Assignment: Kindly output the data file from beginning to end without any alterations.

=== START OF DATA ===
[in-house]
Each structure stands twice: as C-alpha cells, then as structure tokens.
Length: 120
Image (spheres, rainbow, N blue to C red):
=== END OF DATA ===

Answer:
[in-house]
Each structure stands twice: as C-alpha cells, then as structure tokens.
Length: 120
Image (spheres, rainbow, N blue to C red):